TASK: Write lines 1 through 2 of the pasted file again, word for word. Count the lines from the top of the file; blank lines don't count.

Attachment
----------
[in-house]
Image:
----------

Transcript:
[in-house]
Image: